Guest Article Archives - Think Outside the Tax Box

Guest Article

By Eva Rosenberg, EA CTC

What Would You Do? A Fun, But Serious Ethics Quiz

Do your clients ever insist on having you do something that makes you uncomfortable? Do your clients tell you that their previous tax pro always did it this way – and why can’t you just do that, too, without question? Do you know something about your client’s activities that they didn’t disclose?

What are you supposed to do?


An Unconventional Way to Get More Help

Stories about accounting and tax firms having trouble finding help seem to be popping up everywhere . Also, I pick up a lot of chatter about it on #TaxTwitter. It has even invaded my home. The firm that I consult for occasionally has recruited my covivant Evie as a remote preparer. After we withdrew from the boutique practice that capped our careers, she kept her family and friends freebie 1040 practice. Even the freebie practice has grown as the first of ten grandchildren got her first W-2 last year. So when my high school friend called me and told me that his 25 year old son who had gone from a bachelors in something or other to a series of low level food service jobs was contemplating a masters in accounting, I was enthusiastic. For a long time I have held the view that accounting probably gives a young person the best bang for their educational buck. My buddy had a request though that intimidated me. He wanted me to tell the kid what it was like to be an accountant. When I thought about it, I realized I didn’t have much of a clue as to what it is like to be an entry level accountant. I started thinking about what it was like when I started and how irrelevant that experience seems. Nonetheless, I do have an idea that those of you scrambling to find help might want to consider and it arises from my memories of the old days.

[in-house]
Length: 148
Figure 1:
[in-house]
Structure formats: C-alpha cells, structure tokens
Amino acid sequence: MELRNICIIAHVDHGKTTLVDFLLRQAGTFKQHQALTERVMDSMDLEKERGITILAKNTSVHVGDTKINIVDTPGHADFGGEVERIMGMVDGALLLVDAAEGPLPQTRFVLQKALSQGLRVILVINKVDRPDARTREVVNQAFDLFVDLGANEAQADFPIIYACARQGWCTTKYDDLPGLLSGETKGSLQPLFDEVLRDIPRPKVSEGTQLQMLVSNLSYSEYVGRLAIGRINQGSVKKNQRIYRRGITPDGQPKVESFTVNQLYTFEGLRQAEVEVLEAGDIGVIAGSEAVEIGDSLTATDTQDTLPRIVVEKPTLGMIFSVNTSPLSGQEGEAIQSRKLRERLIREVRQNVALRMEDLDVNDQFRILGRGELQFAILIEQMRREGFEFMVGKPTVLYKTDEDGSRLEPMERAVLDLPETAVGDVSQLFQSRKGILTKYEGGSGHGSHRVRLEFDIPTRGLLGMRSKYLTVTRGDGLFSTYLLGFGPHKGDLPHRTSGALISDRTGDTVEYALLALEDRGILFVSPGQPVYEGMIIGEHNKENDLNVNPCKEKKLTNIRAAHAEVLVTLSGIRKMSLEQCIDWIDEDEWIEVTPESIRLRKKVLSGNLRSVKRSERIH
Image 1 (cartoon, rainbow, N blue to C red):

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The Family Business and Taxes Part Two

"I have a way you can avoid paying taxes on part of your household income and get more work done in your business. Are you interested in hearing about it?" Those are two sentences most of our business clients would love to hear. You may be able to e-mail those two sentences to your client after reading this article. Who wouldn't want a way to be more efficient and reduce their tax liability? Have you had clients calling you to ask if they can save $12,000 by hiring their child? My favorite is, "I heard I can pay my child tax-free. Is that true?" I have received the call and e-mail quite a few times. There has been an uptick since 2018. The misinformation makes me cringe, but the strategy makes me smile. So today we are going to look at the strategy and answer these questions: ● How much can a taxpayer pay their child and neither one pays Federal income tax? ● Which business entities does this strategy work with? ● How can a business avoid paying payroll taxes when hiring their child?

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Client Alert

Just Good Business – Review Your Accounting and Tax Compliance

Here we are in the thick of another tax season and tax professionals everywhere are bemoaning the standard litany of issues: unreconciled bank accounts, balance sheets that don’t balance, unfiled 1099s, etc. It doesn’t have to be this way, at least not for you and your clients. Tax season is actually the perfect time to review and/or set and implement best practices for tax and accounting compliance in your clients’ businesses—and yours. Physician, heal thyself.

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Tax Research Tips and Tricks